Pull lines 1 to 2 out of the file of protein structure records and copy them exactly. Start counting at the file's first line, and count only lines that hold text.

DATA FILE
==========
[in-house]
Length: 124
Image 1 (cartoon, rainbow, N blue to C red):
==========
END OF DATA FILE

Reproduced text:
[in-house]
Length: 124